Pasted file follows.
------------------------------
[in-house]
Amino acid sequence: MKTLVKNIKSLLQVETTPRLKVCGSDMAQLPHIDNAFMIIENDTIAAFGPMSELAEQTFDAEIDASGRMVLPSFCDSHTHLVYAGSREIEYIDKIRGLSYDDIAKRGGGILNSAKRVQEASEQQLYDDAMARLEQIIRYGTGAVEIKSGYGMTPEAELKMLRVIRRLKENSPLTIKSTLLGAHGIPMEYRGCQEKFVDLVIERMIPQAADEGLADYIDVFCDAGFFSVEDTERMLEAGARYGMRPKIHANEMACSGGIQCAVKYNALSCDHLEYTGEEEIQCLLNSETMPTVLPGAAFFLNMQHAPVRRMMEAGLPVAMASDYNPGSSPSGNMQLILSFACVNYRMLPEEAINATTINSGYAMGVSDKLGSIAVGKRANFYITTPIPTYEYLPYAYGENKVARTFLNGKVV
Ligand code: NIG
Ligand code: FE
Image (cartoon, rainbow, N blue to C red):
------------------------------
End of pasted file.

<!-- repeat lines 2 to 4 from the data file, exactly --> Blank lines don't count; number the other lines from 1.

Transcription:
Amino acid sequence: MKTLVKNIKSLLQVETTPRLKVCGSDMAQLPHIDNAFMIIENDTIAAFGPMSELAEQTFDAEIDASGRMVLPSFCDSHTHLVYAGSREIEYIDKIRGLSYDDIAKRGGGILNSAKRVQEASEQQLYDDAMARLEQIIRYGTGAVEIKSGYGMTPEAELKMLRVIRRLKENSPLTIKSTLLGAHGIPMEYRGCQEKFVDLVIERMIPQAADEGLADYIDVFCDAGFFSVEDTERMLEAGARYGMRPKIHANEMACSGGIQCAVKYNALSCDHLEYTGEEEIQCLLNSETMPTVLPGAAFFLNMQHAPVRRMMEAGLPVAMASDYNPGSSPSGNMQLILSFACVNYRMLPEEAINATTINSGYAMGVSDKLGSIAVGKRANFYITTPIPTYEYLPYAYGENKVARTFLNGKVV
Ligand code: NIG
Ligand code: FE